With its mountain landscapes, deep glens, lochs, rivers and hundreds of islands, there is a great wealth and diversity of rock climbing to be found in Scotland. This ranges from huge mountain crags, sea cliff climbing to smaller outcrops, sport climbing venues and bouldering. Scotland offers more though with its magnificent scenery, the wide open spaces and the possibility of solitude. Often, by choosing your venue carefully, it is possible to have the whole crag to yourself, or even the whole mountain.
(1) – Arran. Traditional rock climbing on granite cliffs with routes up to 300m long.
(2) – Arrochar Area. The Arrochar Alps offer a wide range of single pitch and multi-pitch routes.
(3) – Mull & Iona. Here there are numerous single pitch crags located near the coast
(4) – Glen Coe & Glen Etive. Traditional rock climbing on Rhyolite and Andesite rock, with routes from 15m outcrops close to the road, to longer mountaineering style climbs up to 300m long.
(5) – Ardgour
(6) – Ardnamurchan
(7) – Glen Nevis
(8) – Ben Nevis. Ben Nevis is Scotland’s highest mountain and its northern face drops vertically for over 600m. It is best known as a winter climbing destination, though it also offers excellent traditional rock climbing on Rhyolite rock, with routes up to 500m long.
(9) – Central Highlands. This is a vast area with numerous crags, both short and long on schist or granite rock.
(10) – Cairngorms. The Cairngorms provide some of the best mountain rock climbing available in Scotland. Here the routes vary from 100m to 300m long on good quality granite rock.
(11) – Easter Ross
(12) – Isle of Skye. Skye has two contrasting styles of rock climbing, with long multi-pitch rock climbing on the Cuillin mountain range as well as some excellent sea cliff climbing.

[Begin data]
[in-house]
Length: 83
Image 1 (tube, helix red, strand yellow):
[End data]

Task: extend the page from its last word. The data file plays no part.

(13) – Applecross
(14) – Torridon. The rock at Torridon is either excellent quartzite or sandstone, with routes ranging between 100m and 200m in height.
(15) – Gairloch and Ullapool. This sparsely populated area of Scotland has many trad routes in the spectacular mountains to the south of Ullapool. Here there are also a surprising number of sport climbing venues as well.
(16) – Coigant & Assynt
(17) – Sutherland
(18) – Caithness
(19) – Lewis & Harris. Long multi-pitch rock climbing in the mountains.
(20) – Pabbay and Mingulay. These inhabited islands provide remote adventurous sea cliff traditional climbing with routes up to 100m long.
(21) – Orkney Isles. This is the location for probably Scotland’s most famous rock climbing location, the sea cliff stack of the Old Man of Hoy that is 100m high.
(22) – Lowlands. The borders area around Dumfries and various outcrops around Glasgow and Edinburgh provide mainly single pitch trad routes. Also around Glasgow and Edinburgh there are a number of old quarries that have been established as sport climbing areas.
(23) – Angus. The Angus quarries were the birthplace of Scottish sport climbing, and this area along with Aberdeenshire remains the principal Scottish sport climbing area. The climbing is either in friendly and easily accessible quarries or adventurous and exposed sea cliffs. Being in the rain shadow of the Cairngorm’s it is possible to climb in this area throughout the year.
The definitive rock climbing guidebooks are published by the Scottish Mountaineering Council, and there are approximately 12 of these covering all of Scotland, listing all known routes. These are slowly being updated with recent new editions being published for Skye sea-cliffs, Skye – The Cuillin, and the Inner Hebrides and Arran. Buy these guidebooks from our shop.
Selective guidebooks only cover the best rock climbing routes and for Scotland there are 2 excellent rock climbing guidebooks. Scottish Rock Volume 1 covers the southern crags up to the natural demarcation of the Great Glen. Scottish Rock Volume 2 covers the crags north of this. A separate guidebook covering the sport climbing in Scotland is also available, called “7a Max: Scottish Sport Climbing”. Buy these guidebooks from our shop.